Kurt Beringer's 1927 book Der Meskalinrausch presented his study of the effects of injected mescaline hydrochloride on 32 human subjects. Subject #8 was a fine arts painter, but he did not do art during his session. However, some of Beringer's subjects did illustrate their written descriptions of their mescaline experiences. These subjects did not have any artistic training, but their aesthetically unimpressive sketches were the first publication of mescaline's visual imagery uninfluenced by the religious programming of Native American cacti ceremonies.
In 1947, Werner Stoll published a small sketch of an LSD-induced "tesselloptic hallucination" in the first article about the psychological effects of LSD.
Giuseppe Tonini and C. Montanari worked at the Ospedale Psichiatrico "L. Lolli" in Imola, Italy. In 1955 they administered drugs to an artist who worked in the hospital's occupational therapy department. The two researchers adhered to the psychotomimetic paradigm, and described their subject as a having a normal but "slightly primitive" mind. They asked the artist to paint during his sessions with mescaline, LSD, lysergic acid monoethylamide (LAE 32), as well as with methedrine (both alone and in combination with either mescaline or LSD). He produced paintings during all sessions except the one on LAE-32. The doctors published seven of his paintings of flowers in vases and a landscape, along with a comparison drawing by a schizophrenic. They concluded, "The pictures do not contain any new elements in the creative sense, but reflect psycho-pathological manifestations of the type observed in schizophrenia" (emphasis in the original; Tonini & Montanari 1955). The researchers believed the drawings expressed the differences in the mental states elicited by the different drugs. Although the pictures did look different from each other, it would not have been possible to pick out which picture was painted in an ordinary state of consciousness.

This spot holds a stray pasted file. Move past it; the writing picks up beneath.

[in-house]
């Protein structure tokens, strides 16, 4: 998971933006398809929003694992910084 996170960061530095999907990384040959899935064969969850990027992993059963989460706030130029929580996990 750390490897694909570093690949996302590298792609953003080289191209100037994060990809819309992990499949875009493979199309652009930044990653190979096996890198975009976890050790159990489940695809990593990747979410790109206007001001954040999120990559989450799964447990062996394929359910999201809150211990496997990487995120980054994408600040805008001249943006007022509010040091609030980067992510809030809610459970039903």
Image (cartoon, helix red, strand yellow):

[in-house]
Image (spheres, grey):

In the late 1950s and early 1960s, Sandoz distributed synthetic psilocybin at no cost to European and North American scientists. Consequently, there was a small amount of psilocybin-inspired art before the mid-1970s, when the dissemination of Psilocybe cubensis cultivation methods made "shroom art" accessible to the masses.